Thanks for reading this epic blog post and thank you, Kat, for inviting me to join you!

The last part of this post is supposed to be where I tag three other people to play along. I'm not so good at following rules and so I'm not going to do that. I hate to impose on anyone's busy schedules and I certainly don't want to make anyone feel left out, so instead I'm opening my invitation to everyone who is reading this. If you want to share your creative inspiration and process, please do! You can leave your thoughts in the comments or write a post on your blog (the next round of blog posts for this blog hop is supposed to be next week, but you can post whenever you'd like) and link to your post in the comments. I really enjoy reading about other people's inspiration and process (and I think other creative people do, too) so please don't be shy!


  1. Thanks Anne - interesting to read your thoughts and LoVe the childhood photos ;) Keep on, keeping on x

  2. Your beautiful watercolor paintings inspire me to do something arty today. I hope I will stick with that idea and not get side tracked.

  3. What a wonderful interview - I loved reading your process for producing your realistic watercolors! You have far more patience than me :) Its true that when you love to make something time disappears and you become free in a dreamy zone where nothing exists but you and your art. Thank you for sharing your world (and those adorable pics of little you).

  4. I'm going to accept your open invitation and blog my self interview. I'll let you know when it's ready - thanks.

    1. Well, I conducted my travelling interview & it's viewable at madknews.blogspot.com. Thanks again!

  5. I really enjoyed reading this Anne and seeing your inspiration for plants and roses as a little girl! I seem to be lacking creative inspiration recently although generally I am inspired by nature.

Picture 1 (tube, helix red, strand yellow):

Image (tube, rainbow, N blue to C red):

6. This post is so much fun, Anne! I especially love the pictures of you as a little girl. xo

  7. A lovely interview Anne. Thanks for sharing with us. xoxo

  8. Anne - this was a delightful interview and I especially liked learning about your painting process. The pages of colour swatches look so pretty that they would look great framed on your art room/space wall I think.....would also provide an easy to access reference....just an idea :-) I had to smile when you mention just keeping going and it will turn out well in the end because I remember us both trying to encourage ourselves to do this a while back.
    Thank you so much for joining in with this interview blog hop at such short notice. And thank you for your kind words of introduction to me & my blog.
    I have linked this post to my Wrightstory facebook page too.
    Kat Xx

  9. Hi Anne!!
    ...at least I found the time to read it!!!
    I enjoyed it! I can see your passion through your words...it's so good to hear it!!
    I'm sure you'll find satisfaction in what you do...that's the really best part of creating!!!

  10. Thank you, everyone for your kind, supportive, encouraging comments! I enjoy reading them and appreciate hearing from each of you!

  11. Fantastic interview, Anne! It is a story about beautiful, wise and talented woman. Thank you for sharing